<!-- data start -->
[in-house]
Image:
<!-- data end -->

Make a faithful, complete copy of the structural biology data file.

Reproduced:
[in-house]
Image: